Thursday, 23 December 2010

So What's Wrong with Checked Exceptions?

In part one of this blog post on Checked Exceptions, I defended them. They have a very valuable place in Java's toolbox, and those who argue for their removal are missing the point of them.

The trouble is, they're overused. In the early days of Java, everyone assumed that Checked Exceptions were the "right" things to use in all circumstances.

But when you throw a checked exception, you are forcing the caller to handle the problem. But often, problems can't be possibly be handled by program code. The number one example of this is when writing JDBC (data access) code:

try
{
   String sql = "INSERT BOOK (bookID, ISBN, title, author, price) VALUES (?,?,?,?,?)";

   PreparedStatement stmt = con.prepareStatement(sql);

   // bind the parameters - omitted
   stmt.executeUpdate();
}
catch (SQLException e)
{
   ???
}

(This is just a fragment for illustration - don't use this in any real code. I've omitted the closing of the connections - don't even get me started on that nightmare).

Now, seriously, what code can you possibly put in this catch block? Firstly, there are hundreds of things that could go wrong here:

1) Network connection to database down (a squirrel has eaten a cable somewhere)
2) No access to database allowed (bad credentials)
3) SQL statement grammar incorrect - [in fact - it IS! I deliberately made a typo in the SQL]
4) Datatypes of data wrong
5) Our DBA has gone mad/got drunk and dropped the table for a joke
6) Constraint violation

I could go on. But the point is:

None of these problems can be handled in the catch block. How can your code possibly fix the SQL error in my hardcoded string?

So what CAN we do? Well, if we continue to use checked exceptions only, then we have to throw the exception to the caller. But think about it - how can our caller (whatever that is) deal with any of the six problems above? Almost certainly, they can't so they will re-throw it too. And their caller will have to rethrow it, and so on until it reaches probably the top level of our call stack.

The worst aspect of this is that many Java programmers don't get this - they think because they've got an exception, they MUST deal with it there and then (they forget it can be rethrown). Which is why you'll often see this disgusting code in production:

try
{
   // SQL and JDBC as above
}
catch (SQLException e)
{
   e.printStackTrace();
}

Which translates as "hide the problem in a log file somewhere and then let's carry on as if all was well".

Probably the best you can do is to manually convert it into an unchcked exception. Since JDK1.4, you can wrap exceptions so that you don't lose the detail of the original cause:

try
{
   // SQL and JDBC as above
}
catch (SQLException e)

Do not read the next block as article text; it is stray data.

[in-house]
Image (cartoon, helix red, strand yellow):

{
   throw new RuntimeException(e);
   // or you you create your own runtime exception like DataAccessException
}

SQLException should have been made an *Unchecked* Exception in the first place. This would have meant that we could let the problem rise up the stack until it reaches an appropriate level where we should handle it.

If you're in the lucky position of writing web applications, then you need never catch the unchecked exception - because web applications run in a container like Tomcat, effectively the Tomcat code is the "top level" of your app - you simply configure Tomcat to catch all unhandled exceptions, and to report them to the user and the system admin.

This is why the Spring Framework supplies a wrapper layer around JDBC, which automatically catches the checked exceptions for you, and it throws them to your code as unchecked exceptions. We talk about this in detail on the Spring Framework Online Course

When to use Checked or Unchecked?

Checked and Unchecked Exceptions are two very different tools. In fact, I suspect that the confusion about them arises because they've been given very similar names (even worse, the words Checked and Unchecked don't even appear in the API). The designers of Java should have given them clear distinction in the API.[1]

  • Checked exceptions are for situations where you know your method has reached a condition which means the end goal of the method can't be achieved, but somewhere in the call chain we except the problem can be dealt with.
  • Unchecked exceptions are for situations where something has gone wrong, but due to the nature of the problem, it's likely that the problem can't be handled (or would be best caught with a global error handler). Perhaps a configuration problem (eg a vital config file is missing) or an environmental problem (eg a database table has disappeared), or maybe even a problem within the code (eg a hardcoded SQL statement is wrong).
The point is, they are different tools and both have their strengths and weaknesses. Java is unique in having Checked Exceptions, and it would be a shame to see them removed from a future version of Java (as some people want).





[1] The inheritance hierarchy is broken also. RuntimeException extends Exception, which technically means that RuntimeException is a special kind of Exception. When it really, really isn't (perhaps you could argue that Exception is a special kind of RuntimeException). This means that whenever you catch raw "Exception", you are also catching RuntimeExceptions, even those such as NullPointerException, which is definitely something you don't want to do.

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